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by user Wtt02005
A hectic schedule begins in three weeks for the NBA. Sixteen teams will work tirelessly in hopes of capturing the coveted NBA Championship while managements will begin to debate and alter the future of their respective franchises. The advent of the postseason foreshadows the offseason which is of utmost concern for managements who desperately need to make changes to their squads or merely just retain players. There’s gold in dem hills aka the free agent market this year. Who are the significant free agents? Who will stay with their current club, and who will offer their services in a different jersey?
Yao Ming: Restricted. Yao Ming is definitely not leaving Houston. He has shown no desire to leave the city which has embraced him. Yao is the face of the Rockets franchise, and he is beginning to play like it. Yao may never be a dominant center like Shaq or Tim Duncan, but you cannot overlook his career numbers in points (22.1) and rebounds (10.2) which are major improvements from a year ago (18.3 and 8.4). I know the Rockets definitely will not overlook his performance. The only way Yao will leave Houston is if he hates the food at his parents’ restaurant.
Al Harrington: Unrestricted. Harrington is probably one of the more hot commodities in this free agency. An all-star on the rise during his tenure with the Pacers (he finished second to Antawn Jamison for 6th Man of the Year in 2003-2004), Harrington was traded to the Hawks for Stephen Jackson the following year. His numbers improved as he became a permanent starter for the team. There was no better indication of this than a 40 point outburst against his former Pacers team during one meeting. Now only 26 and his prime very much ahead of him, Harrington is definitely capable of making any team competitive. I believe he will leave Atlanta because his play has warranted not only attention but more money. Expect Harrington to play for any team that will offer him a contract worth more than twenty-seven million.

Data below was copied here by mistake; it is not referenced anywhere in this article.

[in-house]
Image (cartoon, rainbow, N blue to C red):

Peja Stojakovic: Player Option. Though only 28, many considered Peja to be slowing down and losing his touch. Peja has apparently quashed the majority of these rumors, having increased his scoring since his departure from the Kings. From what I can see, he is not unhappy with the situation there. Former Kings teammate, Scot Pollard, is there with him, and he is the premier shooter for that ballclub. However, Peja will be able to decide his own future this offseason and will probably test the market to find a suitable place. This once again brings me back to his desire to play for Chicago some years back. However, this was before the arrival of Ben Gordon, and I could see the Bulls management no longer requiring Peja’s services. The Bulls need an inside game; they have enough shooters.
Ben Wallace: Unrestricted. Ben Wallace has shown no signs of wanting to leave Detroit. He and his ‘fro are the main faces of the Franchise and can be credited for the team’s revival these past few seasons. The concern for Wallace now is that he’s 32; however, he does not appear to be slowing down. Wallace is one of the premier post defenders in the game (He is a three-time NBA Defensive Player of the Year). Defense is the word of this generation of basketball, and the Pistons will definitely be soft on the inside without Big Ben. He may not play any offense, but he is very instrumental to the team’s success which was exemplified when the Pistons struggled during his six game suspension last season. Expect Dumars to figure it out. He knows the Pistons will need Wallace since they traded Darko Milicic this season.